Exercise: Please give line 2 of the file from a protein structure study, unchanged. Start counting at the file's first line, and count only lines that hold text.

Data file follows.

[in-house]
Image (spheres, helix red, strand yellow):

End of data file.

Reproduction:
Image (spheres, helix red, strand yellow):